A significant part of my role is dedicated to motivating faculty and students toward scholarly inquiry and lifelong learning. I achieve this by shifting the teaching-learning paradigm from an emphasis on teaching to one in which student learning is the central focus. I innovate pedagogical approaches to teaching and learning to create an environment that stimulates individualized student learning via active strategies. In addition, I work individually and in groups with faculty at all academic levels and across disciplines to develop agendas for professional development. This work is operationalized in a program I developed entitled FLC-BEST, Faculty Learning Community – Building Expertise in Scholarly Teaching. This forum provides opportunities for faculty to engage in ongoing dialogue, facilitated activities and reflective practice related to scholarly teaching and inquiry. Working with faculty to achieve professional goals and to identify strategies and resources to build an academic career in nursing is a significant component of my mentoring role. I also serve as an Applied Learning Expert in the Corps of SUNY Applied Learning Experts, a group of expert faculty who are called upon to share their ideas and experience in developing, implementing, tracking and teaching various types of applied learning. Lastly, I mentor doctoral students individually and in teams to develop, implement and evaluate areas of scholarly inquiry that improve population health.

Publications

  • Stevens, K.R., Marino, M.A. et al (2017). Operational failures detected by
    frontline acute care nurses. Research in Nursing & Health, xx, pp-pp. doi:
    10.1002/nur.21791
  • Bruckenthal, P., Marino, M.A., & Snelling, L. (2016). Complementary and
    Integrative Therapies for Persistent Pain Management in Older Adults: A
    Review. Journal of Gerontological Nursing, 42(12), 40-48. PMID: 27898135 doi:
    10.3928/00989134-20161110-08
    US Department of Justice. Office on Violence Against Women. (2016). A National
    Protocol for Sexual Abuse Medical Forensic Examinations: Pediatric. [Expert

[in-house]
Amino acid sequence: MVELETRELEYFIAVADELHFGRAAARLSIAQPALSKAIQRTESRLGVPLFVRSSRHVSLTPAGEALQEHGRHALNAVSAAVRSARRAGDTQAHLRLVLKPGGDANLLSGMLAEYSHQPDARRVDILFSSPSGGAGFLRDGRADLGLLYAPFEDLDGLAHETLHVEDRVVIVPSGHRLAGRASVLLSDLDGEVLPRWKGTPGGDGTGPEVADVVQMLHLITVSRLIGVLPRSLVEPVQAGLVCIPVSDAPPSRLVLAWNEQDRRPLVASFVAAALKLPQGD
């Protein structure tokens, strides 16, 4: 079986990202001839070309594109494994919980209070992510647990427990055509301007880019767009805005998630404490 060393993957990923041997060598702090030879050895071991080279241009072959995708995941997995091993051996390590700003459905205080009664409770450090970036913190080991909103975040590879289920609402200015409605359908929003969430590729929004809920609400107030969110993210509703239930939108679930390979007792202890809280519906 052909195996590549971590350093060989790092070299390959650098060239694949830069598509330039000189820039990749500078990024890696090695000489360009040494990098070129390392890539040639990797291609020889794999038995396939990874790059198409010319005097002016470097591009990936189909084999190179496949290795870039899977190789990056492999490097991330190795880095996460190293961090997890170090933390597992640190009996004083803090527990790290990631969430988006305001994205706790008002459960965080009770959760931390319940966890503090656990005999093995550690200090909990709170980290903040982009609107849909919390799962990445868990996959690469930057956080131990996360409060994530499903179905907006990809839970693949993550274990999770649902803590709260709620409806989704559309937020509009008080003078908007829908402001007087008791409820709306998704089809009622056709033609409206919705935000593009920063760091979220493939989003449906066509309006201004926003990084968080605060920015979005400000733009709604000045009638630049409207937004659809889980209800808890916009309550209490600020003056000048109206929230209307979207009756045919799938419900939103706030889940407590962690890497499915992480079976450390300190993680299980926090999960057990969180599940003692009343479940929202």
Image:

Contributor]. NCJ: 846856
  • Eckardt, P., Janotha, B., Marino, M.A., Erlanger, D.P., & Cannella, D. (2016).
    Equipping Advanced Practice Nurses with Real-World Skills. In Y. Rosen (Ed),
    Handbook of Research on Technology Tools for Real-World Skill Development.
    Hershey, PA: Information Science Reference. doi: 10.4018/978-1-4666-9441-5
    Marino, M.A. (2015). Multidisciplinary Approaches to Children’s Oral Health
    (MATCH): Pediatric Nurse Practitioner (Module 4). (Web-based Module).
    https://match.ccnmtl.columbia.edu [HRSA-funded]
  • Zaslav, A.L., Marino, M.A., Jurgens, C.Y., & Mercado, T. (2013). Cytogenetic
    evaluation: A primer for pediatric nurse practitioners. Journal of Pediatric
    Health Care, 27(6), 426-433. PMID: 22595375 doi: 10.1016/j.pedhc.2012.04.006
  • Xippolitos, L.A., Marino, M.A., & Edelman, N.H. (2011). Leveraging
    academic-service partnerships: Implications for implementing the RWJ/IOM’s
    recommendations to improve quality, access, and value in academic medical
    centers,” ISRN Nursing, 2011: 731902. PMID: 22191053 doi:10.5402/2011/731902
  • Marino, M.A. & Sansoucie, D. (2005). The scholarship of teaching. In S. Chase,
    M.A. Dumas and M. Jansen (Eds.), Scholarship and career development: Strategies
    for success. Washington, D.C.: NONPF Publications
  • Marino, M.A. (2002). Abdominal pain. In J. Fox (Ed.), Primary Health Care of
    Infants, Children and Adolescents (2nd ed.), St. Louis: Mosby. ISBN-13:
    978-0323013352